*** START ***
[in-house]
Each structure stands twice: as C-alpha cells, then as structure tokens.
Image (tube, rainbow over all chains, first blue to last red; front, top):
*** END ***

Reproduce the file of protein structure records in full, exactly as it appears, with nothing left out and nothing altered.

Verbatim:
[in-house]
Each structure stands twice: as C-alpha cells, then as structure tokens.
Image (tube, rainbow over all chains, first blue to last red; front, top):